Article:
City of Edmonds Public Works Director Phil Williams said he wasn’t surprised to learn that there is opposition to the roundabout now being planned to replace a current five-way stop sign at the intersection aptly named Five Corners.
Appearing before the Edmonds City Council Tuesday night, Williams was armed with a Power Point full of statistics about the value of roundabouts, from reduced air pollution (thanks to less idling at stop signs) and accidents (due to fewer “conflict points” where serious collisions can occur) to improved aesthetics.
Williams also brought along what he called his “gurus of roundabouts” — experts with knowledge about how and why roundabouts work effectively to control movement through intersections, minus stop lights and stop signs.
The City Council voted unanimously last July to authorize the mayor and city staff to sign a consultant agreement to begin the planning process for the roundabout at 212th Street Southwest and 84th Avenue West. The city received a federal grant for $463,000 to fund final design and right-of-way acquisition; with a required 13.5 percent local match set to be paid for through the city’s Street Fund. The city is continuing to pursue grant money for the construction phase, Williams said.
Despite the earlier unanimous council approval, lately some councilmembers and citizens have been questioning the value of the roundabout, given the city’s current budget challenges. The reason for discussing it Tuesday night, along with four other projects in the City’s Comprehensive Plan and Capital Improvement Program, is because the council must take formal action to remove any projects currently scheduled as part of the program. The future of those other four already-approved projects — including $1 million for a stoplight at Ninth Avenue and Caspers Street — are also being scrutinized by the council in light of the current economic climate.
Councilmember Steve Bernheim said he’s worried about the roundabout’s cost given what he views as “marginal improvement” to the driving efficiency of people using a roundabout vs. a stop sign (according to Williams’ statistics, drivers spend on average 115 seconds during peak hours going through the Five Corners five-way stop intersection, but would spend only 10 seconds using a roundabout.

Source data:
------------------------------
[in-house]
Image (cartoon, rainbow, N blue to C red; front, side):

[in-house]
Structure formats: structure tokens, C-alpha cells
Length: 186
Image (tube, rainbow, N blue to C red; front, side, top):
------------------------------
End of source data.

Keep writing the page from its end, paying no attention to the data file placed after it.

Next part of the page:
“I just don’t know that people will tolerate spending this money for this result,” Bernheim said.
Williams noted that roundabouts traditionally are opposed at first in most communities where they are introduced, but that the opposition turns into support once people use them. “Usually it’s based on a lack of information,” Williams said. “It’s incumbent on us to educate the public.”
He also said the perception that there are no traffic problems at Five Corners isn’t true, and noted there have been eight serious accidents at that intersection from 2007-2010.
Since 1997, a total of 250 roundabouts have been built in Washington state and more than 3,000 have been constructed nationally, Williams noted. “It’s a technology that has really taken hold and is growing rapidly,” he said.
Councilmember Diane Buckshnis voiced her support for the roundabout, calling it “innovative and smart,” adding that she believes the idea will catch on. “People are saying not in my backyard, but when it’s there, they’ll love it,” she said.
Councilmember Michael Plunkett said that while he admired the quality of Williams’ presentation, he wasn’t convinced of the roundabouts’ safety or effectiveness, and wondered if the city could add stop signs to the roundabout design.
Williams said that installing stop signs would reduce the roundabout’s effectiveness and noted it would be unlikely the city could receive grant money for the project if stop signs were included. That statement was confirmed by Brian Walsh of the Washington State Department of Transportation, one of the “roundabout gurus” in the audience.
The city has spent $70,000 on consulting fees for the project so far, Williams said, and would have to return the grant money and absorb that cost if the council decides to stop the project.
Following the discussion, the council agreed to hold a public hearing at the Dec. 20 council meeting on both the roundabout project and the proposed traffic improvements on 9th Avenue at Caspers and Main streets.
The council also took the following action Tuesday night:
– Adopted ordinances to refinance general obligation and revenue bonds.
– Voted 7-0 to accept an Planning Board amendment to the city’s Comprehensive Plan Map that adjusts the boundaries of the Medical/Highway 99 Activity Center. However, based on comments from area homeowners, the council agreed to exempt two single-family neighborhoods located northwest and southwest of Edmonds-Woodway High School from being included in the activity center.
– Directed the City Attorney to prepare an ordinance that would allow up to 3-foot-high exceptions from city code building height limits for roof-mounted solar installations.
– Further discussed elements to be included in the Non-Represented Salary and Benefits Study and agreed to work on a prioritized list.
– Delayed until the next council meeting a decision on extending the sunset date for Citizens Economic Development Commission.